Presbyterianism in Ireland was as a result of King James I efforts to create a robust protestant following in Ireland, which was mainly catholic at the time. One of the main reasons for doing this was to attract a following in Ireland that would support his policies.
Irish Presbyterianism can be traced dates back to 1610 at the time of the plantation of Ulster when a large number of Scottish Presbyterians settled in Northern Ireland. This saw the creation of the first presbytery by some chaplains belonging to a Scottish Covenanter Army in 1642. This army had arrived to protect Protestant settlers in Ulster and to combat the Irish rebellion against England.
After settling in Ulster, Presbyterian in Ulster had a feeling that government policy towards them was inconsistent. During the reign of King Charles I, between 1625 and 1649, Presbyterians were forced rebel against the government. A rebellion against the government ensured in 1641, organized by Presbyterians and Catholics, forced the government to award partial freedom to the Presbyterians.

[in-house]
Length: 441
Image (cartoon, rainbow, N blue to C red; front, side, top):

Presbyterians had formed strong roots in by the end of the 17th century. Strong doctrinal controversies characterized both the 18th and 19th centuries. This saw a group of their congregants become Unitarian and the remaining Presbyterians became very conservative in their doctrine.
In the mid-20th century, the Presbyterian Church of Ireland found it fit to change some of its strict doctrines. Reformers such as Calvin and Knox inspired these changes. Their main objective was to restructure the church.
The Presbyterian Church f Ireland is made up of 19 presbyteries and over 500 congregations. The church is spread across the North and South, though most Presbyterians are found in the Northern and Eastern parts of the country.